Out of respect for the hard work iOS developers do, we aren't linking to the store or revealing its name.

Piracy takes away from the development of apps on iOS. Many of the best apps today were created by a single developer or small development team that didn't initially have a lot of financial resources. If the apps being created are pirated and result in limited financial reward to the developers, why would they want to continue to come up with new and exciting apps? Some of the best apps in the App Store -- apps that are part of the reason your iPhone is so cool -- wouldn't exist.

So please, think before you pirate, because in the long run, you're hurting not just the developer, but the entire iOS ecosystem and yourself as well. And no, "I pirate an app to see if I'll like it and then buy it if I do" is not any kind of valid excuse.

[Source: TUAW]

WSJ: Apple's App Store climbs towards $25 billion in sales

The Wall Street Journal has posted an article covering the meteoric rise of the App Store, from its inception just a few years ago to its current state of almost $25 billion in annual sales. But while the App Store is growing like crazy, it's also presenting more problems for developers as well: Finding a significant crowd of customers is getting tougher and tougher, and just making a name for yourself in such a huge market isn't always easy.

And it doesn't help that customers are flying through apps extremely quickly. Mobile analytics firm Flurry tells the WSJ that while users do now spend about two hours a day on apps, the apps they use don't stick around for very long. About 63% of the apps in use today weren't used daily a year ago, and most customers focus on about eight apps at a time, according to the research. That makes sense: In such a huge market, with so many apps to try, why focus on just a few?

But it also means that the app market is going to have to mature. The WSJ cites ESPN for shuttering one of its apps while focusing on the more popular Scorecenter utility, and they also mention Shazam, an app that has found all sorts of functionality (and more revenue streams) as it has matured in the App Store. Apple's App Store marketplace has gone from zero to billions in just the past few years, and no one's got an exact road map for where it's headed next.

[Source: TUAW]

Apple: 40 Billion Apps Downloaded to Date, Nearly Half of Those in 2012

Apple announced Monday that there have been more than 40 billion app downloads from its iTunes App Store to date.

Surprisingly, nearly half of those downloads were during 2012 alone, which just goes to show the incredible growth that Apple’s store has gone through the past year — especially as new devices, such as the fourth generation iPad, the iPhone 5 and the iPad mini begin to take the market by storm. The popular game Temple Run, for example, has already been downloaded 75 million times since its release.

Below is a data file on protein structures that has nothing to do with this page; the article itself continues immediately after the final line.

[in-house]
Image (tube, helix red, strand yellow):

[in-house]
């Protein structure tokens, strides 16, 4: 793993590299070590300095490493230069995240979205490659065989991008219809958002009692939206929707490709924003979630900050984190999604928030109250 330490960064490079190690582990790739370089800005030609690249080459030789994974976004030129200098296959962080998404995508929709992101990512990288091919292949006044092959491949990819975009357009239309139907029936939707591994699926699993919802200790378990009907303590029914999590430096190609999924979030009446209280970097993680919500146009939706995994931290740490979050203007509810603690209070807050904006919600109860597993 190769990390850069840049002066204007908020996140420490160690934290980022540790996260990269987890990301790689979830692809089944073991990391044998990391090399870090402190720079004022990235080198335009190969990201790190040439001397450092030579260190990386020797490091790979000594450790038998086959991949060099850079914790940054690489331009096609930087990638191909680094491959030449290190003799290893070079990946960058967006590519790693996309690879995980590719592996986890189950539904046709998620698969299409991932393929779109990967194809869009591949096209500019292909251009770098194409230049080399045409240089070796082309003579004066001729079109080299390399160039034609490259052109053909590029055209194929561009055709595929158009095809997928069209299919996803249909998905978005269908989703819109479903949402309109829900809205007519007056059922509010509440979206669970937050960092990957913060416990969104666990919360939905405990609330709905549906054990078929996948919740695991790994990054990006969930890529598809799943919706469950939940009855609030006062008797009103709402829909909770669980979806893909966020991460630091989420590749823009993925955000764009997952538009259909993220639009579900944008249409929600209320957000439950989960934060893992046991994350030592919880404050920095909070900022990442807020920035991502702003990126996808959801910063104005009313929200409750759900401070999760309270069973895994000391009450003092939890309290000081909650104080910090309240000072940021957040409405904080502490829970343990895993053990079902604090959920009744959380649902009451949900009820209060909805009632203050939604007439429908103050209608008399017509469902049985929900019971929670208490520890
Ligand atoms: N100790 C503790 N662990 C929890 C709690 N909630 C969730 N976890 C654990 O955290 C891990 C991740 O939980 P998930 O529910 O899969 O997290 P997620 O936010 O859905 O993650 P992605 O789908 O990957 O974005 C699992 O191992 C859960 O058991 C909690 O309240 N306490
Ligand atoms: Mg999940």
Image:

The iTunes App Store now offers more than 775,000 iPhone apps and 300,000 applications for the iPad.

[Source: TechnoBuffalo]

Apple Reminds Developers of App Store Freeze During Holidays

Apple has sent reminders to App Store developers that the annual shutdown of iTunes Connect is scheduled to take place from Friday, December 21, 2012 to Friday, December 28th, 2012. 

iTunes Connect is the portal for developers to submit app updates and changes. As a result, no new apps, app updates or price changes will be reflected in the App Store during that time.

We strongly recommend that you do not schedule any pricing changes in iTunes Connect that would take effect between Friday, December 21, 2012 and Friday, December 28, 2012. Pricing changes scheduled to take effect during this date range will not be reflected on the App Store and your app or In-App Purchase will become unavailable for purchase until after the shutdown. 

We also recommend that you do not schedule any apps to go live during the shutdown. Releases scheduled with a start date between Friday, December 21, 2012 and Friday, December 28, 2012 will not go live on the App Store until after the shutdown.

As a result of the shutdown deadline, a large number of App developers have been cutting prices today as they compete for top ranking on the App Store Top Charts during the lucrative Christmas sales period.

[Source: MacRumors]


iOS 6 Adoption Up 29% After Google Maps Hits App Store

Google Maps was released for iOS on December 12, and in the five days after it hit the App Store, ad management platform MoPub noticed a 29 percent increase in unique iOS 6 users. 

The data from MoPub, which supports 12,000 apps and monitors 1 billion ad impressions daily, suggests that quite a few iDevice owners were waiting for a better mapping solution before upgrading to Apple's newest operating system.

TechCrunch spoke to MoPub CEO Jim Payne, who had this to say:

"We observed since the launch of Google Maps for iOS 6 a 30 percent increase in unique iOS 6 users, and we think it's related to Google Maps. It verifies that hypothesis that people were actually holding back to upgrade until Google Maps was available."

MoPub's data does, however, conflict with another report from mobile ad network Chitika, which saw just a 0.2 percentage point increase in iOS 6 users in the first 36 hours of Google Maps availability. MoPub seems to include a wider set of data than Chitika and which was taken over a longer period of time, and MoPub's inclusion of weekend data in particular seems to have contributed significantly to the observed increase in adoption, as people may have been waiting to do the lengthy update to iOS 6. 

An increased iOS 6 adoption rate following the launch of Google Maps not only benefits Google, but also Apple, which naturally wants as many users as possible on its latest operating system version. With Google's mapping solution now taking some of the pressure off of Apple's own flawed product, one major reason holding some users back from updating to iOS 6 has been addressed.

[Source: MacRumors]